The third expression used in the Old Testament, is that the Spirit is said to have filled some. This is recorded of Bezaleel in relation to his special filling for service leading those working on the Tabernacle (Ex. 31:3, 35:31).

What can we learn from these three words? Simply that in the Old Testament when the Spirit indwelt someone it was selective in one He indwelt and how long He indwelt them. I think we get some help with this in John 14. There the Lord Jesus shows us the contrast of what was in the Old Testament and what will be after the day of Pentecost, “And I will pray the Father, and He will give you another Helper, that He may abide with you forever, the Spirit of truth, whom the world cannot receive, because it neither sees Him nor knows Him; but you know Him, for He dwells with you and will be in you. I will not leave you orphans; I will come to you” (Jn. 14:16-18). 

These words from the Lord show us that the working of the Spirit in the Old Testament was not abnormal, although it might have been limited. The word “dwells with you” does not indicate an abnormal work of the Spirit. But we can also see the contrast between “dwells with you” and “will be in you.” While we have seen that the Spirit of God was seen as being in certain individuals, here the Lord was speaking the His disciples as a group, promising them of something to come, which would be on going and permanent.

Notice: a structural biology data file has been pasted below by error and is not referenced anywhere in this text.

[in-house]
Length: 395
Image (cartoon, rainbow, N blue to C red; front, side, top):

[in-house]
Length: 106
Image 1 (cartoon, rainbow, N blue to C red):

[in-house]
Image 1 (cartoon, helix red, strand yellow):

It is important to see some of the other functions of the Spirit of God in the Old Testament. He restrained sin (Gen. 6:3). His very names and titles must have had an effect on restraining sin (Neh. 9:20 Ps. 51:11). He also enabled men for service (Ex. 31:3, Judges 3:10, 6:34, 11:29, 14:6, 1 Sam. 16:13). 1 Peter 1:11 tells us that the Spirit gave the Old Testament prophets discernment and wisdom.